Kaleem: Every leading airline around the globe resorting to lay-off due to disruption in the flights caused by the pandemic. How much it affected the employees of private airlines in Pakistan, especially pilots?

Capt. Jahanzeb: I may not be the best person to respond to it but, as far as I know, airlines like Serene have really taken care of their staff and are also showing flexibility by looking forward to some cargo operations as well for the time being. Whereas, another airline that I have heard of is looking into cutting the employee’s salary, which is again going to hurt not only the pilots but a lot of households that are associated with the employees.

Kaleem: As a pilot, you interact with many people around the globe. You have the know-how of people’s social interaction before the outbreak. What type of change do you expect in people’s socialization?

Capt. Jahanzeb: I believe it all depends on the outcome of the Pandemic. If there is some drug or vaccine that works then I  do not expect a major change in how we socialize, but if the cure is not simple like taking a pill or intravenous medicine and complications persists then distances would increase, not only physical distances while greeting someone but psychosocial as well.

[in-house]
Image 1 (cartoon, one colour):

Travel has been severly affected. Captain Jahanzeb says that some airlines have really taken care of their staff and are also showing flexibility by looking forward to some cargo operations as well for the time being.
Captain Jahanzeb says that some airlines have really taken care of their staff and are also showing flexibility by looking forward to some cargo operations as well for the time being.

Kaleem:  All of the major airlines across the world have announced cuts to their schedules, and there is a considerable amount of uncertainty in the global airline industry. So, what does all of this, as a pilot, mean to you?